Activist Filipina caregiver heads migrants group in Canada

Fifty-year old Maria Sol Pajadura was elected the new chairperson of Migrante Canada during its fourth congress on February 10 held in Vancouver, British Columbia. (Photo courtesy of Migrante Canada)

“Migrants are facing uncertainty that is why it is imperative for them to organize themselves not just to protect their rights and welfare but also to understand and link their issues to the socio-economic problems of Philippine society.”

Main story: Groups renew vow to better serve Filipino migrants in Canada, endorse app to aid Filipinos in need

By NDC
Bulatlat.com

Edmonton, Alberta – Sol’s heart for the poor and downtrodden did not lose flame throughout these years. It had always found her wherever she was – from her native Iloilo City, to Hong Kong and finally in Toronto, Canada.

Fifty-year old Maria Sol Pajadura was elected the new chairperson of Migrante Canada during its fourth congress on February 10 held in Vancouver, British Columbia. The congress saw some 100 participants from all over Canada, including local Canadians who are active supporters.

Pajadura, who came to Canada as a caregiver, vowed to ignite further militancy in the group in the face of “Canada’s economic neoliberal policy” and the “Philippine government’s raging fascism and ever-intensifying labor export policy.”

Youth involvement

Sol’s eyes were opened to the realities of Philippine society early in her teenage years, thanks to her involvement in church and organizing for Basic Christian Communities (BCC) in her rural hometown in Janiuay, Iloilo.

“That was where I got exposed to the sufferings of poor peasants, “ she said. She witnessed first hand deaths of children of peasant families who could not afford hospitalization. “It was heartbreaking to see the injustices done to the peasants by the landlords,” she said.

In her college years, Sol remained active in organizing the youth. She was an organizer for the progressive League of Filipino Students (LFS) and continued to organize the youth in the communities in the city after finishing college in 1987. She helped form the Kabataan para sa Demokrasya at Nasyonalismo (KADENA) in Iloilo.

As a licensed secondary education teacher, it led her to work for the Urban Poor Day Care Center in 1989, while teaching part time at San Jose Parochial School in Iloilo City.

A year later, she worked as a treatment and rehabilitation coordinator for Children’s Rehabilitation Center (CRC) in Panay.

Becoming a migrant

Sol found the shores of Hong Kong as a domestic helper in 1999 in order to support her daughter who was suffering from a congenital heart disease.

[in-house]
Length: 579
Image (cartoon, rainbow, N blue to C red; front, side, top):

“My husband and I were both NGO (non-government organization) workers so we couldn’t support our family and our daughter’s medical needs with our meager income,” she said.

In Hong Kong, she experienced long hours of work, verbal abuse from her employer and loneliness from being away from her family.

Despite her hardships, she found ways to rekindle her activism and became involved in organizing Filipino migrant workers in Hong Kong. She was an executive committee member of the well-known United Filipinos in Hong Kong (UNIFIL-HK).

“I learned from friends that if I work as a live-in caregiver in Canada, I will have the opportunity to become a permanent resident and could sponsor my family to come to Canada too,” she said. Hence in 2005 after six years of working in Hong Kong, she landed in Toronto, Canada as a caregiver.

No different

Canada’s picture as a land of better working conditions for migrants was immediately shattered by Sol’s first-hand experience with abuses.

“I thought that working as a caregiver here is different from domestic work I was doing in Hong Kong,” she said. Sol had hoped that Canada would have better treatment of migrant workers and more protection of their rights.

“Because of the conditions in my work permit, I was vulnerable to abuse and exploitation,” she said, explaining that she also experienced working long hours with no overtime pay.

“It is lonelier here than in Hong Kong. I often did not have the chance to go out and meet fellow caregivers in grocery stores or parks, unlike in Hong Kong that Filipinos are everywhere,” she said.

“I was able to connect to migrant’s organization here in Toronto through Migrante Hong Kong,” she added.

To regain the teaching skills that she has lost through the years of working as a domestic helper and caregiver, she went back to school in Toronto and completed a certificate in Early Childhood Education at George Brown College while working as a supervisor at a coffee bar.

Imperative

Canada’s federal government has recently announced a deadline for caregivers under its new caregiver program to obtain permanent status before the program’s review date on November 29, 2019, despite the fact that Canada has been accepting foreign caregivers even with less than two years to meet the set due date.

“With Canada’s neoliberal economic policy which encourages cheap and disposable work, it won’t be surprising if the government puts a stop to granting permanent status to caregivers,” she said.

“Migrants are facing uncertainty that is why it is imperative for them to organize themselves not just to protect their rights and welfare but also to understand and link their issues to the socio-economic problems of Philippine society,” she added.

“More work has to be done in terms of raising awareness among migrants who don’t see what is happening in the homefront,” she said.

“In the face of creeping dictatorial rule of a relatively still popular president and a large portion of our Kababayan outside of the Philippines still trusts the current regime to deliver substantial changes in our society, this would require extensive education to break this false view,” she said. ()

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